Nick Robinson is a criminal specialist involved in serious criminal cases. He mainly defends. His work often involves cases relating to and arising from organized crime including murder, attempted murder, drug conspiracies and serious violence. He is also proficient in defending in cases involving serious sexual offences including rape, indecent and sexual assaults. Nick has appeared in over 30 appeals against conviction and sentence at the Criminal Division of the Court of Appeal and he represented the Appellant in a Commonwealth Caribbean appeal against a murder conviction at the Privy Council.
Recent Crown Court trials have involved indictments alleging murder, attempted murder, rape, sexual assault of children aged under 13, inflicting grievous bodily harm with intent, conspiracy to import Class A drugs, possession with intent to supply Class A drugs, possession of firearms without certificates, child cruelty and neglect, mortgage fraud and armed robbery (Defence); inflicting grievous bodily harm, exposure, indecent assault, possession with intent to supply, fraud and burglary (Prosecution).
In 2004 Nick was an intern at the Independent Jamaica Council of Human Rights in Kingston, Jamaica working on death penalty cases having won a scholarship through the Centre of Capital Punishment Studies (University of Westminster) and the European Commission. Nick continues to be instructed as Counsel in appeals against conviction from the Court of Appeal in Jamaica to the Privy Council.
Nick is a Grade 2 CPS Prosecutor; he also prosecutes for the National Probation Service, Department for Work & Pensions, Revenue & Customs and Local Education Authorities. Recent cases
R v KC - Nick defended KC who was unanimously acquitted at Winchester Crown Court of attempted murder and possession of a firearm with intent to cause fear of violence. KC was alleged to have knocked on the door of the complainant's home and then fired a revolver twice at point blank range in an attempt to assassinate him: Bournemouth Echo. The issue in the case was mistaken identification. The complainant had instantly telephoned police and named the defendant who was known to him. The evidence included gunshot residue evidence, bad character evidence relating to the defendant's purported involvement in an organized criminal network, cell site and ANPR evidence and over 100 hours of CCTV footage. A novel point of law arose relating to the admissibility of the hearsay evidence of three eyewitnesses who refused to attend court and whose comments to police at the scene in the aftermath of the shooting suggested that someone other than the defendant was the assassin. Nick was led by Nigel Lickley QC.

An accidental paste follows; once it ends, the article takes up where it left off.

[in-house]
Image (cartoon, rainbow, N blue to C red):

R v AP - Nick represented a defendant in a high-profile multi-million pound fraud at Winchester Crown Court that involved 5 defendants, 41 counts and over 20,000 pages. The issues in the case included the effect of police misconduct upon the fairness of the investigation and the integrity of the evidence in the case. The defendant was found not guilty: Bournemouth Echo.
R v NR - Nick represented NR who was tried for the murder of his father at Winchester Crown Court. The Crown’s case was that the victim was murdered for his money. The Defence case was that the defendant was mentally unwell as a result of childhood trauma and he denied murder on the grounds of diminished responsibility and loss of control. Accordingly there was a significant amount of competing psychiatric evidence and a long and complex history of mental ill health. The novel issue in the case involved whether the jury were entitled, in the absence of direct evidence, to infer a loss of self-control. Nick was led by Michael Vere-Hodge QC: BBC News. R v JW - Nick represented the defendant who faced an indictment containing two counts of indecent and sexual assault. The allegations were historic and related to the defendant’s granddaughter. The defendant denied the offences and contended that they were the product of malice and/or fantasy. The evidence in the case involved extensive unused material including third party material from social services and the complainant’s school. The defendant was acquitted of both counts.
R v TS - The defendant killed one of her two children and severely injured the second following an attempt to commit suicide by fire. This was a highly sensitive and high profile case involving complex psychiatric evidence and periods of assessment under section 35 of the Mental Health Act 1983. The Crown accepted pleas to manslaughter and arson instead of murder and attempted murder owing to compelling expert evidence that supported the defence of diminished responsibility. The sentence hearing was not straightforward as it involved the victim impact evidence of the children’s father in open court. Moreover, Dingemans J had to resolve the discrete issue of whether to pass a sentence of imprisonment or a hospital order. He passed the latter and careful submissions were advanced in support of an order without restrictions, which was the ultimate sentence of the Court: BBC News.
R v LM - Nick represented the defendant who was charged with Exposure contrary to section 66 of the Sexual Offences Act 2003. Two 16-year-old girls alleged that the defendant exposed his penis in the communal showers at a family leisure centre. The defence was that the complainants were mistaken. The defendant was acquitted after a trial at Bournemouth Crown Court.
R v RH – Nick defended an 83 year-old defendant at his trial in respect of an indictment alleging historic familial sex offences. The defendant was found not guilty of three of the four counts.